U.S. Supreme Court

Who would Obama choose next for the Supreme Court?


The speculation began after President Barack Obama said he expected upcoming U.S. Supreme Court vacancies.

Speaking at a Massachusetts fundraiser last month, Obama said he needs a Democratic Senate partly because “we’re going to have Supreme Court appointments.” The White House later downplayed the statement, saying Obama had no knowledge of a specific vacancy. But Obama’s comments “were enough to kick-start the perennial guessing game” on potential Supreme Court nominees, the National Law Journal reports.

Among the lawyers who surfaced as potential nominees were Patricia Millett, Sri Srinivasan and Paul Watford, all nominated to federal appeals courts by Obama and confirmed by the Senate.

Millett, who has argued 32 cases before the Supreme Court, was confirmed after a change in filibuster rules. Srinivasan, who was born in India, is a former principal deputy solicitor general. Watford, a judge on the San Francisco-based 9th U.S. Circuit Court of Appeals, is an African-American who has clerked for Justice Ruth Bader Ginsburg and 9th Circuit Chief Judge Alex Kozinski.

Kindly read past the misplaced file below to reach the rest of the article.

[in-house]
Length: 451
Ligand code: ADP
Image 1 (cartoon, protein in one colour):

If Justice Ginsburg were to resign, the nominee to replace her would most likely be a woman, observers told the National Law Journal. Millett is often mentioned as a possibility, along with U.S. Sen. Amy Klobuchar, D-Minn.

The nomination fight would be easier if Obama were nominating a replacement for a liberal justice such as Ginsburg, according to Carrie Severino of the Judicial Crisis Network. “It would be seen as trading her in for a younger justice Ginsburg,” Severino told the National Law Journal.

If swing voter Justice Anthony M. Kennedy were to resign, the controversy over a replacement nominee would be greater. “Whoever gets to replace Kennedy, it’s World War III,” Severino told the National Law Journal.

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